Zimmerman has always been very good defensively, perhaps even better than Wright, but he averaged 19 HR and 71 RBI during the two seasons Wright won the Gold Glove.
In 2009, Zimmerman established career highs with a .292 average and 33 HR. He also added 106 RBI. On the other hand, Wright had the worst power season of his career, finishing with only 10 HR and 72 RBI. Of course, Zimmerman won the Gold Glove this season.
For the Mets to compete in 2010, they will need a bounceback season from David Wright, especially in the power department. Not only will a power surge help the Mets score more runs, but it might be enough to wrest the Gold Glove away from Ryan Zimmerman. After all, pitching wins championships but sluggers win Gold Gloves, right?
However, there is one area of his game that he is not quiet about. It’s an area that does not appear in the boxscores, does not make ESPN Top 10 lists, receives little to no press coverage and does not get enough attention on many baseball sites. It’s the charitable work he does off the field that impresses me more than anything he does on the field. Carlos Beltran has been hitting home runs off the field for years now and less fortunate children in New York and his native Puerto Rico are the beneficiaries of that extra effort.
When Carlos Beltran signed his seven-year deal with the Mets prior to the 2005 season, he had already been involved with numerous charitable organizations. He set up the Carlos Beltran Foundation in 2002 in the hopes of someday opening up a baseball academy for students in his native Puerto Rico. That “someday” is about to become a reality as the Carlos Beltran Baseball Academy is set to open its doors.
The academy will serve to strengthen its students both academically and athletically. It is not meant to only serve as a place for school-age kids to hone their baseball skills, as is the case with other baseball academies. They’ll be there to learn as well, so they can take their education and apply it to the “real world” that awaits them once they graduate from the academy.
So many players from Puerto Rico and other Latin-American countries sign with major league baseball teams but come to this country unprepared in all things that are not baseball-related. They struggle with the language and other things that American-born players do with ease. It makes it very easy for people to take advantage of them, and if they don’t make it in the major leagues, they leave with nothing to fall back on. Beltran’s academy will emphasize the English language in its classes and will prepare its students for baseball and for life’s challenges so that they will not have to suffer through the hardships that other Latin-American players encountered.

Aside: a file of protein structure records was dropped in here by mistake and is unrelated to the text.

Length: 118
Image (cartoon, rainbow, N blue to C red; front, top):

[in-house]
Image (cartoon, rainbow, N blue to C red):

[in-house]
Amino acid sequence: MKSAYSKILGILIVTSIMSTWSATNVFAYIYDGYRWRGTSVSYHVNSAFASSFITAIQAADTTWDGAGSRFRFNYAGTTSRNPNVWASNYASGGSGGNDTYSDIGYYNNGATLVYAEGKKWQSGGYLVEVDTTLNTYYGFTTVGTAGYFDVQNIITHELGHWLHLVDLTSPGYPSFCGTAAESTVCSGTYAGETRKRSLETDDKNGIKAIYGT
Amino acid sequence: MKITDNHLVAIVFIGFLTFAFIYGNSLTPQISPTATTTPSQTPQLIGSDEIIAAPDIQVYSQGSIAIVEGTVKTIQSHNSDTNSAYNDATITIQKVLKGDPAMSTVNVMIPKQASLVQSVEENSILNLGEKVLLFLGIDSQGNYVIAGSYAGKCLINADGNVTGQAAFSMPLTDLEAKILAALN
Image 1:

Carlos Beltran has devoted so much of his time and money to realize his dream of opening this academy. Those dreams are about to come to fruition. However, just because he has spent so much time and effort with this endeavor doesn’t mean he’s taking it easy with others. In fact, he’s going above and beyond to help one particular local organization.
In 2006, Carlos Beltran was named honorary commissioner of Harlem RBI, which is an organization that provides inner-city children with the opportunity to play sports while getting a proper education, similar to what the Carlos Beltran Baseball Academy is doing for children in Puerto Rico. In conjunction with being named honorary commissioner, Beltran agreed to donate $500 for every RBI he collected during the season.
From 2006 to 2008, Beltran never collected fewer than 112 RBI. Unfortunately, because of injuries that forced Carlos to miss half of the 2009 season, he only drove in 48 runs this season. According to his agreement with Harlem RBI, this would add up to a $24,000 donation. However, Carlos did not want to deny the children of money they would have gotten had he not missed so much playing time. Therefore, when he appeared at Harlem RBI on Wednesday, he donated $50,000 to the organization. The Mets matched his donation with a $50,000 contribution of their own, making the total amount of the donation $100,000.
Not everyone has been blessed with the extraordinary athletic abilities that Carlos Beltran possesses. Those who do have these abilities give children reasons to smile by hitting home runs or making a diving catch on the field. Carlos Beltran was once one of those children. He remembers what it was like for him growing up in his hometown of Manatí, Puerto Rico. It’s always difficult to balance school with sports, but it’s all the more difficult when you have to do it under tough financial situations. By taking what he learned from his childhood, Beltran is providing other children in similar situations with the opportunity to become the best players and the best people they can be. He has given back to the community that helped him get to where he is now and has not let success go to his head.